Some of us have since gone on to be doers; happy victims of our own success, implementing that which we were once passionate advocates. Some of us have undoubtedly lost our influence as our markets became saturated, crowded out despite our first mover advantage. Some of us have undoubtedly made the transition to the next thing, having understood that building a career around the higher order questions will always yield better results than building expertise around set of tactics. While still others among us are in the unenviable position of having to attend to more pressing and personal priorities: building, dismantling and/or rebuilding their relationships, families and/or mental health.

I'm not sure whether or not you'll find this reflection valuable; but to be honest it's something that's been weighing on me for some time now. I'm not sure publishing it accomplishes anything other than getting it off my chest. That said, before I queue this up for publication, I wanted to be clear on a couple of things. I'm not saying we don't still share a sense of community, because we do. Nor am I saying that we aren't doing good work or seizing new opportunities, because we are. I'm just saying that things are different now then they were then.

I'm just saying, we used to be rockstars.

Process and Public Service Renewal

Friday, September 5, 2014
by Kent Aitken RSS / cpsrenewalFacebook / cpsrenewalLinkedIn / Kent Aitkentwitter / kentdaitkengovloop / KentAitken

Just a quick post today. I was on the road most of August and am still mostly just catching up.

A few weeks back I wrote about The New Nature of Process, the idea that that organizations are at a pivot point akin to industrialization. But where that revolution occurred by standardizing and repeating processes for material goods, we're looking at standardizing and repeating processes for human learning in the context of complex problems. All optimized for efficiency, fitted within governance and business cycles.

(Albeit with a broad view of efficient. Sometimes expensively sending a nurse practitioner to someone's house is, in the long run, more efficient than optimizing the process within the hospital they'd otherwise visit.)

Let's call it standardizing processes for exploring and solving complex problems. At the time I considered it an interesting idea, a possible trend. But after thinking about it for a bit I realized that if it's true - that is, if we're just getting started but can get far better - it would assuage the doubt I feel about public service renewal. Even the elements of it that I personally support and suggest.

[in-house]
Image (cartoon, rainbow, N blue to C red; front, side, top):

For instance, in the past I've wondered if a public service characterized by trust, decentralized decision making, and engagement is unrealistic or undesirable. If such a state only works well in marginal cases, such that the success stories for that approach actually represent most of the fertile ground. Or, after Chelsea highlighted some of the more negative possibilities of loosened hierarchy, I wondered if the style of management I considered ideal was too unreliable across a critical mass. That it would work well only if it was the only thing managers had to worry about (it isn't). Or take Hugh Segal's recent take in the Ottawa Citizen, about the need for stronger managers, less management layers, and more leeway for frontline decision making.

I generally favour these approaches, in a vacuum. But the real world is messier. However, if we can significantly and reliably accelerate employees's sensemaking of complex environments, such approaches may be very manageable in the real world.

And the sensemaking tools are there. How to map a network of stakeholders, how to help them (and you) understand each other, how to suss out side effects of policy, program, and service decisions. The question now is one of optimization and repeatability.

Thoughts on Problem Definition from NYU's GovLab

Friday, August 29, 2014
by Nick Charney RSS / cpsrenewalFacebook / cpsrenewalLinkedIn / Nick Charneytwitter / nickcharneygovloop / nickcharneyGoogle+ / nickcharney

Last week I had the pleasure of meeting Dr. Alan Kantrow from NYU's GovLab who was in Ottawa to frame up a collaboration with the Institute on Governance (where I am currently on interchange). In addition to back of house discussions, Alan took the time to speak to a number of different groups including the IOG's Executive Leadership Program (which is currently recruiting it's next cohort) about the importance of problem definition. It was a great talk and Alan made some key points that are worth sharing:

  • We are more likely to pursue solutions that are locally optimal but globally suboptimal, this is problem shifting not problem solving.
  • There is an interesting incongruence between hierarchical incentive structures that reward solving small problems and problem shifting which generates animosity among peers horizontally.
  • Making the system known – the up front costs/benefits and embedded logics – explicitly puts people in an uncomfortable position because the outcomes from a good systems map are (in most cases) predictable.
  • Shift the bulk of your resources upstream to problem definition, if there has been any central lesson in the work of the GovLab thus far it is that poor problem definition creates poor outcomes. Don't short change yourself upstream (problem definition).